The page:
Coming on the heels of the year anniversary of the Japanese Tohoku-Oki earthquake, Bunnie Huang, a member of the MAKE Tech Advisory Board, tasked himself with designing a civilian-friendly Geiger counter. He was inspired by the efforts of Safecast, an organization whose goal is to build an open sensor network that aggregates trustable, source-neutral radiation monitoring data.
The problem with the current crop of radiation monitors is that they are basically laboratory instruments: accurate & reliable, but bulky, expensive, and difficult to use, requiring a degree in nuclear physics to understand exactly what the readings meant. Another problem with crises like these is that while radiation monitoring is important, it’s something that is typically neglected by the civilian population until it is too late.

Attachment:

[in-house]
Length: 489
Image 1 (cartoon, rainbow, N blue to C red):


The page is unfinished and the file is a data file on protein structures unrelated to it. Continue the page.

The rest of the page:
Therefore, the challenge set out before me was to design a new Geiger counter that was not only more intuitive and easier to use than the current crop, but was also sufficiently stylish so that civilians would feel natural carrying it around on a daily basis.
He shares the story of designing and building the prototype on his site, including his initial design sketches. He was able to build two full prototypes, including PCB fab, assembly, and CNC milling, for under $3,000.